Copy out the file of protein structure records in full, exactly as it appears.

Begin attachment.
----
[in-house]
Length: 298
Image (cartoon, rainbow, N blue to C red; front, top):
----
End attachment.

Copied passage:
[in-house]
Length: 298
Image (cartoon, rainbow, N blue to C red; front, top):